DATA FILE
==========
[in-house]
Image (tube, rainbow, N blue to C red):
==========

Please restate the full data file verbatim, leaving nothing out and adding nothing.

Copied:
[in-house]
Image (tube, rainbow, N blue to C red):